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ATHENEUM. Vol. 2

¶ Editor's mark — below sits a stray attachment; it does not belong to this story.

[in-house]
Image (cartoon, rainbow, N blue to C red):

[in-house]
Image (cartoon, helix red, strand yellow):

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Cultivation of Literature.